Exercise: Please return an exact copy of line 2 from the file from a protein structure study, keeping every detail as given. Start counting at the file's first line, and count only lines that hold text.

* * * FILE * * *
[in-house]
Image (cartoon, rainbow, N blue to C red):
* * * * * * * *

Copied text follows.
Image (cartoon, rainbow, N blue to C red):